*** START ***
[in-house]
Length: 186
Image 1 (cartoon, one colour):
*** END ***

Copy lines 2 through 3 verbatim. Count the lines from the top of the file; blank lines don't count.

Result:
Length: 186
Image 1 (cartoon, one colour):